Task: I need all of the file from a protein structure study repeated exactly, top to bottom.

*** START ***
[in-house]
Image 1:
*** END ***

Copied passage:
[in-house]
Image 1: